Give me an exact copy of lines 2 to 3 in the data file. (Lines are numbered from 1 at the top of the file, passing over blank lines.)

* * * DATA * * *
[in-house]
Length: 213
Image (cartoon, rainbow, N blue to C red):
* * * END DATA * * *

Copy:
Length: 213
Image (cartoon, rainbow, N blue to C red):